Lost in Translation – by Jeff Hirsch
Are you speaking the same language your consumers speak? More and more, I see my job as that of translator.
It stands to reason that whatever language your consumers speak, you would want to communicate with them in that language.
But all too often, it seems that companies are speaking Greek to customers who speak English. Their message isn’t just lost in translation. It’s just lost.
Technology companies are more to blame than consumer goods companies, and understandably so. Their engineers, scientists and programmers spend months or years to bring highly complex products to life. We’re not talking about a snack here, but about serious, complex business solutions for serious business people. When those products are finally ready for market, of course they want their potential customers to know how hard they’ve worked and what they’ve succeeded in doing against great odds. They honestly believe their product will seem more special if they tell consumers every single product feature and the technology behind it.
Unfortunately, customers – even business customers – could care less. In the consumer market, what they care about is driving fast or using a sexy new kind of cell phone that provides easy access to their music, emails and the Internet. Internal combustion and arcane programming codes are the last things on their minds. And it’s no different when selling B2B.
This seems to be straightforward, and indeed, many companies boast that they are consumer, rather than technology focused. But so many companies, in consumer goods industries as well as technology, seem to miss the point.
For example, we just repositioned and developed marketing executions for a software company called Island Data. More than anything, our work was based on marketing research with their existing corporate clients and prospects.
Here was the headline on their website when we first met them:
Is your marketing ROI measurable? Are your marketing campaigns and metrics based on intuition or actual customer experience?
Does that tell you what they do? What is the main benefit? How should their customers feel when they use the software?
It was clear that Island Data had created some incredible, proprietary technology. And we learned about it in depth. We heard about algorithms, the downside of linguistic searches, word clusters, codes, attributes, themes and more. It was overwhelming and confusing to us, and that was with detailed explanations directly from the client – details that prospects could never hope to receive from an ad or even a website.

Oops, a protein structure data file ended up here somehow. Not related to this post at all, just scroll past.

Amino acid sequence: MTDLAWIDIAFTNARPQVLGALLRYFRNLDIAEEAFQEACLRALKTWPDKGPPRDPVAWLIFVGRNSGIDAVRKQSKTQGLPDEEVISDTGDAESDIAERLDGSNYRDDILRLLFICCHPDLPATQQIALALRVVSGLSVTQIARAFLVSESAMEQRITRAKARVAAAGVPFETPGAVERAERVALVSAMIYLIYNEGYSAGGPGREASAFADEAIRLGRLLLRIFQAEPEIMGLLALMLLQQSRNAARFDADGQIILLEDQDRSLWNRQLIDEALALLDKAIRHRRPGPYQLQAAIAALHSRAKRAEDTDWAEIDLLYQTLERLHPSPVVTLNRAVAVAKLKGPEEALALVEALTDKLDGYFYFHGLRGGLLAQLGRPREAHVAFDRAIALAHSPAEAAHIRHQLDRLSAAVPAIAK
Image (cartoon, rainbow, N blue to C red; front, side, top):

And if we didn’t get it after all that, it was not a leap of faith to consider that a huge communications barrier was significantly limiting sales. Even in a B2B environment, product benefits need to be delivered in the blink of an eye in a very compelling, emotional way.
Remarkably, Island Data was probably doing the best job of communicating with their target prospects within their competitive set. Consider the product description of one of their key competitors, taken directly from that company’s website:
Attensity’s technology is the culmination of over a decade of research in computational linguistics at the University of Utah. This research led to breakthrough software that allows computers to understand and process free-form text, offering government and commercial organizations the opportunity to leverage the vast amounts of information contained in nonstructured formats.
The technology…creates output in XML and in a structured relational data format that is fused with existing structured data for analysis. Building on its award winning, patented text extraction technology, Attensity offers an integrated Text Analytics suite that enables users to seamlessly extract facts from text using Attensity’s wide-range of statistical and linguistic extraction technologies, and then using a web-based application, further search, classify, discover and analyze text to rapidly and accurately identify issues, uncover problems and drive decisions.
Huh? I use this product why? It helps me how? Sounds like Greek to me!
I cannot vouch for Attensity’s product, but after talking to Island Data’s clients in-depth, both face-to-face and over the telephone, it was clear that Island Data was highly valuable in very tangible ways, but that it also transcended mere functionality.
But what did it all mean, and how could we take this Greek and turn it into English?
First, it was clear that these marketers, both as individuals and part of a larger corporate culture, were highly focused on the customer experience. In the words of the CEO of a chain of restaurants, “I paid dearly to acquire my customers. I need to do everything I can to hold on to them.”
Next, the real benefit of Island Data wasn’t about text mining, algorithms, or patented technology. It was about seeking order from chaos. Taking overwhelming amounts – tens of thousands of emails and other customer comments that come in every month – and making sense of them. To truly understand what customers were saying, in their own words, and having the ability to do something about it. Fast.
It also led to a very important feeling for respondents: “I’m in control.”
This premise was tested in focus groups with sophisticated B2B, Fortune 500 executives along with other positioning concepts, resulting in this very straightforward translation:
Turn mountains of customer feedback into business-building action.
It’s too early to tell how this translation will affect sales, which ironically, begs the question, “Is (our client’s) marketing ROI measurable?” But we do think that we succeeded in transforming Island Data’s communications to a customer orientation, which will indeed accelerate the sales process significantly.